A better alternative to this schedule would be the schedule from three years ago. The schedule was forty-five minutes of odd-day classes, followed by first period of even day, lunch for thirty-five minutes, and forty-five minutes of second and third period of the even day schedule. After all this, there was nearly two hours of extra review time. This whole schedule was an optional day during which teachers would be able if a student desired to meet with them. In an email sent to the student body, Mr. Heubeck said, “Attendance will not be taken and you are not required to be at all the sessions. If you don't need/want review in a particular class, you do not have to attend the session. After 1:35, your teachers will be available for extra help sessions or further review.”
While this schedule was made while we still had five or six exams, it worked the best for us, the students. Not only did it allow us to have flexibility in our day, but it also allowed us to maximize our studying where we needed it most. Jack Bowmaster (‘18) rebuked the reading day schedule, commenting, “[This schedule] destroys what reading day is truly about: the ability to study in your own personal way. I miss being able to form study groups or see teachers in small groups. My review sessions were comprised of 4 different math classes of different courses jammed into a small room and a chemistry lab filled with people trying to ask a billion different things without the teacher having time to properly respond to one student at a time.”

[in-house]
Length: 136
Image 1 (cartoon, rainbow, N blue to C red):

The exam schedule this year also leaves students with an unreasonable amount of work from the humanities courses that they take. Bowmaster had issues with this, saying that while he liked the two exams before break, “the projects after break resulted in several tests and quizzes from my math and sciences course as well as the projects from my humanities. The teachers just did not listen to the rules, so they intruded on the other classes’ [project] time.”
The same issue that students encountered with workload prior to winter break continued during the humanities assessment period, as math and science teachers found loopholes in the “no test” policy to give significant assessments called “quizzes” that were comparable to tests.
At the same time, this schedule is detrimental to basic pedagogy. A majority of teachers use quizzes to gauge the knowledge of their class and which students need more attention. If you ask teachers not to assess their students, you are effectively asking them not to teach. The schedule currently leaves no room for assessments, so when teachers try to squeeze them in, students have no time to prepare.
According to Mr. Heubeck, this schedule needs a change: “We have to revisit the reading day schedule, there is a better way to do it.”
In order to fix this debacle, Gilman should resort to a five-or six-exam schedule that takes place the week leading up to break. Another possibility would be to not have a week of exams, and to have each class have individual exams at some point during the semester. With this format, it would still allow students to use Winter Break as a true break, it would take away the confusion of teachers, and it would let the teachers do their job.